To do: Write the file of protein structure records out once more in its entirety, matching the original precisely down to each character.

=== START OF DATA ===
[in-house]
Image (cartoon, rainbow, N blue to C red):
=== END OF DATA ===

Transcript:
[in-house]
Image (cartoon, rainbow, N blue to C red):